Kidney Injury in COVID-19: Epidemiology, Molecular Mechanisms and Potential Therapeutic Targets

Int J Mol Sci. 2022 Feb 17;23(4):2242. doi: 10.3390/ijms23042242.


As of December 2021, SARS-CoV-2 had caused over 250 million infections and 5 million deaths worldwide. Furthermore, despite the development of highly effective vaccines, novel variants of SARS-CoV-2 continue to sustain the pandemic, and the search for effective therapies for COVID-19 remains as urgent as ever. Though the primary manifestation of COVID-19 is pneumonia, the disease can affect multiple organs, including the kidneys, with acute kidney injury (AKI) being among the most common extrapulmonary manifestations of severe COVID-19. In this article, we start by reflecting on the epidemiology of kidney disease in COVID-19, which overwhelmingly demonstrates that AKI is common in COVID-19 and is strongly associated with poor outcomes. We also present emerging data showing that COVID-19 may result in long-term renal impairment and delve into the ongoing debate about whether AKI in COVID-19 is mediated by direct viral injury. Next, we focus on the molecular pathogenesis of SARS-CoV-2 infection by both reviewing previously published data and presenting some novel data on the mechanisms of cellular viral entry. Finally, we relate these molecular mechanisms to a series of therapies currently under investigation and propose additional novel therapeutic targets for COVID-19.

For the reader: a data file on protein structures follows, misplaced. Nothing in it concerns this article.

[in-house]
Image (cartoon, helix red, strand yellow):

Keywords: COVID-19; SARS-CoV-2; acute kidney injury.

Publication types

  • Review

MeSH terms

  • Acute Kidney Injury / drug therapy*
  • Acute Kidney Injury / epidemiology
  • Acute Kidney Injury / etiology*
  • Acute Kidney Injury / mortality
  • Animals
  • COVID-19 / complications*
  • Humans
  • Kidney / physiopathology
  • Kidney / virology*
  • Renal Insufficiency, Chronic / etiology
  • Renal Insufficiency, Chronic / virology